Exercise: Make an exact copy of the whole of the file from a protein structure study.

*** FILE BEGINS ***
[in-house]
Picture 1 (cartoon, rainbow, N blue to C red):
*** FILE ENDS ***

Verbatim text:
[in-house]
Picture 1 (cartoon, rainbow, N blue to C red):